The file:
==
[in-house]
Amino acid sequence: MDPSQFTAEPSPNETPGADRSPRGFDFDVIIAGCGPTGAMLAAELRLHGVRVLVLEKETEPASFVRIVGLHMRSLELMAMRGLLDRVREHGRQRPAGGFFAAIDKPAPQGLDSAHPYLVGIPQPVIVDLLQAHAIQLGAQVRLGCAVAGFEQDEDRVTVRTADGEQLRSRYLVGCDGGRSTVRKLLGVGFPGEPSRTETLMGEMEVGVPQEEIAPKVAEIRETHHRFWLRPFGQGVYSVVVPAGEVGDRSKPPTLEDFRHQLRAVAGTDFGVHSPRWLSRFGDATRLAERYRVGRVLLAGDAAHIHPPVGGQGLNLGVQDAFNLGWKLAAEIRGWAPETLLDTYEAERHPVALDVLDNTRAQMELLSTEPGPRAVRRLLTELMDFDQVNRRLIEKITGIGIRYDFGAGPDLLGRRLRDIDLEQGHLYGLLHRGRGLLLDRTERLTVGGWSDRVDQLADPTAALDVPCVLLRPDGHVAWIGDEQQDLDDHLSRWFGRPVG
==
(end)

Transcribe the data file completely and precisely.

[in-house]
Amino acid sequence: MDPSQFTAEPSPNETPGADRSPRGFDFDVIIAGCGPTGAMLAAELRLHGVRVLVLEKETEPASFVRIVGLHMRSLELMAMRGLLDRVREHGRQRPAGGFFAAIDKPAPQGLDSAHPYLVGIPQPVIVDLLQAHAIQLGAQVRLGCAVAGFEQDEDRVTVRTADGEQLRSRYLVGCDGGRSTVRKLLGVGFPGEPSRTETLMGEMEVGVPQEEIAPKVAEIRETHHRFWLRPFGQGVYSVVVPAGEVGDRSKPPTLEDFRHQLRAVAGTDFGVHSPRWLSRFGDATRLAERYRVGRVLLAGDAAHIHPPVGGQGLNLGVQDAFNLGWKLAAEIRGWAPETLLDTYEAERHPVALDVLDNTRAQMELLSTEPGPRAVRRLLTELMDFDQVNRRLIEKITGIGIRYDFGAGPDLLGRRLRDIDLEQGHLYGLLHRGRGLLLDRTERLTVGGWSDRVDQLADPTAALDVPCVLLRPDGHVAWIGDEQQDLDDHLSRWFGRPVG